E-Commerce Trends

E-commerce is huge and going even bigger  As any other massive business niche, the industry evolves rapidly. Some recent trends demonstrate interesting and, sometimes, quite unpredictable, tendencies. 

 

Bright Perspectives for Smaller Companies

 

In the world where E-commerce giants seem to dominate the market, it appears that there is still a plenty of free space for smaller entrepreneurs. For instance, in 2017, Shopify, a multi-channel commerce platform, reported 70% growth in a year with half a million of merchants. 

 

Moreover, Privy, a platform that helps to boost customers response, conducted a research among 500 of small and medium businesses that sell on Shopify or BigCommerce. The research demonstrated that 79% of the businesses with 5 and more employees and 50% of all the companies that participated in the research tend to meet their holidays’ goals.

 

In addition, on Privy’s sites alone there were, “3.2 billion consumer sessions on small- and medium-sized merchant sites in 2017” 

 

So, the idea that a medium or a small-sized company cannot withstand the competition of the E-commerce sharks, is false and dangerous for a mind of a person who wants to start the E-commerce company. 

 

The Brick and Mortar Stores are Still Relevant

 

The Internet and computers are convenient, but they still cannot simulate that feeling of visiting a real-life store… at least yet. Not to mention that in a physical store, you can actually touch and test a product you want to buy. Even if the online prices may be cheaper, the urge to go an “old-school” shopping is still strong.

 

For example, in the US, the 90% of the retail sales come from the physical stores. Moreover, according to the recent research, 50% percent of millennials prefer going to brick and mortar stores. 

 

As a result, even the previously purely online shops start to open physical stores to boost their performance. For instance, due to WSJ, in 2015, even such a giant as Amazon opened its first physical store in Seattle and “has two others in San Diego and Portland, Ore.” In addition, the company plans to open a 370 square meter bookstore in Manhattan’s Time Warner Center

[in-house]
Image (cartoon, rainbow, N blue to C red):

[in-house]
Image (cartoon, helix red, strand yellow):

However, there is no place for a fully traditional brick and mortar shops in the market of the future. If a business wants to stay relevant and competitive, it should become a hybrid, providing real-life as well as online experiences for their customers. 

 

Voice Search Dominates 

 

Google revealed that 41% of adults and 50% of teens are using voice search daily, and these numbers will definitely increase with the development of the conversational AI. 

 

And voice search is not only about mobile devices. A lot of people talk to their computers and smart speakers as well. What is more, 65% of people who own Amazon Echo or Google Home smart speakers cannot imagine going back to traditional Web navigation. 

 

It means that SEO should adapt fast to the new realities and  retailers should change the way they communicate with their potential clients. Companies should make the description of their products compatible with the voice search, making them more conversational and longer in comparison to the usual style. 

 

Big Data and Analysis Takes Over

 

Almost every action taken by the customer on the Internet is taken into consideration and can be transformed into data that later, can be used to boost sales, targeting a client with goods that he or she is willing to buy.

 

Companies that fail to implement the big data analysis will not be able to keep up with the competitors who target their audience efficiently. The e-commerce companies now should be able to deliver a highly-personalized user experience. 

 

Chatbots Communicate

 

Chatbots make users’ interaction with a website more convenient and intuitive. According to HubSpot, 47% of customers are willing to make a purchase by contacting a company via a live chat with a bot. Moreover, on average, people are ready to spend $50 dollars on chatbot purchases.